# *Machine Learning for Hackers* Chapter 7: Numerical optimization with deterministic and stochastic methods

## Introduction

Chapter 7 of *Machine Learning for Hackers* is about numerical
optimization. The authors organize the chapter around two examples of
optimization. The first is a straightforward least-squares problem like
that we’ve encountered already doing linear regressions, and is amenable
to standard iterative algorithms (e.g. gradient descent). The second is
a problem with a discrete search space, not clearly differentiable, and
so lends itself to a stochastic/heuristic optimization technique (though
we’ll see the optimization problem is basically artificial). The first
problem gives us a chance to play around with Scipy’s optimization
routines. The second problem has us hand-coding a Metropolis algorithm;
this doesn’t show off much new Python, but it’s fun nonetheless.

The notebook for this chapter is at the github report here, or you can view it online via nbviewer here.

## Ridge regression by least-squares

In chapter 6 we estimated LASSO regressions, which added an L1 penalty on the parameters to the OLS loss-function. The ridge regression works the same way, but applies an L2 penalty to the parameters. The ridge regression is a somewhat more straightforward optimization problem, since the L2 norm we use gives us a differentiable loss function.

In this example, we’ll regress weight on height, similar to chapter 5. We can specify the loss (sum of squared errors) function for the ridge regression with the following function in Python:

```
y = heights_weights['Weight'].values
Xmat = sm.add_constant(heights_weights['Height'], prepend = True)
def ridge_error(params, y, Xmat, lam):
'''
Compute SSE of the ridge regression.
This is the normal regression SSE, plus the
L2 cost of the parameters.
'''
predicted = np.dot(Xmat, params)
sse = ((y - predicted) ** 2).sum()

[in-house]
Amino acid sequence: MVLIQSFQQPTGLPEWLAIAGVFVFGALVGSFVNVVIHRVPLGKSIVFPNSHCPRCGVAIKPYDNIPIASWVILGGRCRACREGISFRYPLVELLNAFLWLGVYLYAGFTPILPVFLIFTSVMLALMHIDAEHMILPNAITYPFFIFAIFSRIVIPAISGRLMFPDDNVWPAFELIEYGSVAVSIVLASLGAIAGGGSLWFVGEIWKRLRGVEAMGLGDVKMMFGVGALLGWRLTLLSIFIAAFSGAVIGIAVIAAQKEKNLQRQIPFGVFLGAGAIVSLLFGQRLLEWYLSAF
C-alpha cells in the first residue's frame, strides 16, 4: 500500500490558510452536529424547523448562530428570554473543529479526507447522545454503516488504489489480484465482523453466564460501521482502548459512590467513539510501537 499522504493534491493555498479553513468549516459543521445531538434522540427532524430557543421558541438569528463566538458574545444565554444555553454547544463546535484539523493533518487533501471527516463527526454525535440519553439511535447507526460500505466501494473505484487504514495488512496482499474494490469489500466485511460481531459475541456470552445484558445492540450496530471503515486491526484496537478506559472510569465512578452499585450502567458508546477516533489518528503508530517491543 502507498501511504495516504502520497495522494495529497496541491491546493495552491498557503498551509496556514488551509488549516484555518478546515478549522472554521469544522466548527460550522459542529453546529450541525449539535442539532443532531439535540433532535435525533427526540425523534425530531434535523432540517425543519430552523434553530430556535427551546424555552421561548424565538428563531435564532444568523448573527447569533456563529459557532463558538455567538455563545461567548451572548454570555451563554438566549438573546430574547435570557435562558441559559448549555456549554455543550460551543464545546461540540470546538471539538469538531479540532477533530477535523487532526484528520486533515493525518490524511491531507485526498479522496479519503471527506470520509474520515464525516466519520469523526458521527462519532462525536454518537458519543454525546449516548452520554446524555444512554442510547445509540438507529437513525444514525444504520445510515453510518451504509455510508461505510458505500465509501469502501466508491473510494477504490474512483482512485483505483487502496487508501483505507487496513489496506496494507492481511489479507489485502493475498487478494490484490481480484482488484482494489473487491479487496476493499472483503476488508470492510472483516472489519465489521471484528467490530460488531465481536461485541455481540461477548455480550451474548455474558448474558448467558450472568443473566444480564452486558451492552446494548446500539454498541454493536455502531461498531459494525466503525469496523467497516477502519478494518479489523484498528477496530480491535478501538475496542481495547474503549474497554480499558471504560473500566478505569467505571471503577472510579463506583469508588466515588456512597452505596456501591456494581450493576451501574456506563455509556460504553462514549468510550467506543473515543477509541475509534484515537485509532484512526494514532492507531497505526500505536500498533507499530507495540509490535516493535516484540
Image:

sse += lam * (params ** 2).sum()
return sse
```

The authors use R’s `optim`

function, which defaults to the Nelder-Mead
simplex algorithm. This algorithm doesn’t use any gradient or Hessian
information to optimize the function. We’ll want to try out some
gradient methods, though. Even though the functions for these methods
will compute numerical gradients and Hessians for us, for the ridge
problem these are easy enough to specify explicitly.

```
def ridge_grad(params, y, Xmat, lam):
'''
The gradiant of the ridge regression SSE.
'''
grad = np.dot(np.dot(Xmat.T, Xmat), params) - np.dot(Xmat.T, y)
grad += lam * params
grad *= 2
return grad
def ridge_hess(params, y, Xmat, lam):
'''
The hessian of the ridge regression SSE.
'''
return np.dot(Xmat.T, Xmat) + np.eye(2) * lam
```

Like the LASSO regressions we worked with in chapter 6, the
ridge requires a penalty parameter to weight the L2 cost of the
coefficient parameters (called `lam`

in the functions above; `lambda`

is
a keyword in Python). The authors assume we’ve already found an
appropriate value via cross-validation, and that value is 1.0.

We can now try to minimize the loss function with a couple of different
algorithms. First the Nelder-Mead simplex, which should correspond to
the authors’ use of `optim`

in R.

```
# Starting values for the a, b (intercept, slope) parameters
params0 = np.array([0.0, 0.0])
# Nelder-Mead simplex
ridge_fit = opt.fmin(ridge_error, params0, args = (y, Xmat, 1))
print 'Solution: a = %8.3f, b = %8.3f ' % tuple(ridge_fit)
Optimization terminated successfully.
Current function value: 1612442.197636
Iterations: 117
Function evaluations: 221
Solution: a = -340.565, b = 7.565
```

Now the Newton conjugate-gradient method. We need to give this function a gradient; the Hessian is optional. First without the Hessian:

```
ridge_fit = opt.fmin_ncg(ridge_error, params0, fprime = ridge_grad,
args = (y, Xmat, 1))